A typical spear-phishing email attempt will use vague but recognizable language in the email subject line to make it appear more realistic and increase open rates. For example, if the email in questions was supposed to imitate an internal communication between co-workers, then a simple and informal message such as "are you at your desk?" may be used as the subject.
After analyzing 360,000 phishing emails over a three-month period, researchers at a leading cybersecurity company have detailed the most common lines used in phishing attacks – these subject lines are the most common because it's highly likely they're often the most successful bait for reeling in victims.
According to the spear phishing report, by far the most common subject line used in attacks is simply 'Request' – accounting for over a third of all the phishing messages analyzed. That's followed in popularity with messages containing 'Follow up' or 'Urgent/Important' in the subject line.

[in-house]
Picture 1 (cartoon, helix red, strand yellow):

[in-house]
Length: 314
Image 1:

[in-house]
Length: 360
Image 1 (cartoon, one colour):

The simple trick attackers are using here is to make potential victims think they need to open and respond to the email as a matter of urgency – especially if the message is designed to look as if it comes from one of their colleagues, or their boss. That could nudge the victim into responding quickly, without thinking, especially if it claims to come from a board-level executive.
The top subject lines are based around the following key phrases:
2. Follow up
4. Are you available?/Are you at your desk?
5. Payment Status
8. Invoice Due
10. Direct Deposit
'Are you at your desk' uses the trick of familiarly to try and coax victims into falling for the attack, while subjects suggesting the email is part of a previous conversation are also used for a similar goal – to trick the user into trusting the sender.
Many of the most-used subject lines also refer to finance and payments; if the recipient thinks they might lose money if they don't respond, they'll likely jump to it. The same also goes for messages about payments – an employee might think it will look bad if they leave somebody without being paid, especially if the request comes from someone who is their senior.
To avoid falling victim to phishing attacks, cybersecurity researchers recommend the implementation of DMARC authentication to avoid domain spoofing, along with the deployment of multi-factor authentication to provide users with an extra layer of protection. Those techniques should be combined with user training and the use of security software.
For help in setting up multi-factor authentication or with any other security questions, call the experts at I-Evolve. 716-505-8324 or email@example.com.